Keep the towel
I am extremely concerned that conservatives will just throw in the towel in the next election ("Red & blue all over," Sept. 23). Conservatives have been repeatedly and abundantly warned by pollsters and political handicappers that Republicans will lose both the House and the Senate. Conservatives must ignore the propaganda from the liberal media and resolve to turn out for any candidate who stands for conservative principles.
-Bill Sappington; Homosassa, Fla.
I only wish that Republicans were people of integrity who act out of true moral concerns. Most have proven they are more concerned about staying in power than doing what is correct. I'm never surprised by what I hear about Democrats but I'm shocked by the moral breakdown of the Republican Party. I would love to believe that the Republicans are the better party, but I have to wonder if they deserve to be in charge for two more years.
-Arthur Connor; Heidelberg, Germany
Wow! The humble professor of religion upbraids Justice Scalia for being "disingenuous and, frankly, intellectually lazy" ("Balmer's lament," Sept. 23). Then he "laments" the Bush administration's policy on the use of torture during wartime, a policy supposedly "morally bankrupt" that "compromises the worth and dignity" of avowed terrorists. And yet, in the same breath, the good professor vigorously defends a doctor's constitutional "right" to stick a fork in a baby's head. Go figure.
-John D. Teichroew; Mora, Minn.
Balmer's inability to recognize that Darwinism is a competing faith system is surprising. The 20th century was blighted by two ideologies motivated by this Darwinian faith and for Balmer to think that this faith will be ultimately benign, even in a liberal democracy, seems to me naïve.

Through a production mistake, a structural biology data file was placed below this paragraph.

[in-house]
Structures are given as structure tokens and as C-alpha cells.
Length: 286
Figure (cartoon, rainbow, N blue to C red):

-David Heinaman; Lancaster, Pa.
Balmer appears to be morally agnostic about abortion, allowing scholarly interpretation of the "living" Constitution to justify it, yet he relies, reasonably, on absolute moral principle in objecting to the torture of prisoners in wartime. Marvin Olasky's warning to see ourselves as others see us is a point well taken. Balmer is probably my mirror image: I am afraid he would think me to be as doctrinaire and supercilious as I think he is. While we cannot both be correct, we can both be wrong.
-Ron Jones; Cleveland, Tenn.
Janie Cheaney's assessment of the differences between the sexes and the impact on boys of recent change in educational philosophy ("The vanishing schoolboy," Sept. 23) strikes me as all too accurate. As a father of four boys, I am anxious to avoid the mistakes of our culture in shaping their minds, hearts, and characters. What a potent reminder of the gravity (and potential) of our task.
-Gerry Wheaton; St. Andrews, Scotland
Cheaney's views are obviously not very popular with educators, much less feminists. My wife and I, as chaplains in prison ministry, have seen the fruit of the kind of thinking that is so prevalent in schools today. If parents held educators accountable to do their jobs properly, we (as chaplains) probably would have less to do in ours.
-John Montgomery; Fairfax, Va.
Good from evil
I distinctly remember the day I heard the news of the Willis family tragedy and have often prayed for their comfort. I never saw a single update on the outcome of this horrific trial until I read "Corruption and providence" (Sept. 23). I was dumfounded and ashamed that I lacked faith all these years that God was bringing good from this fearful event.
-Ruth Potter; Greenville, S.C.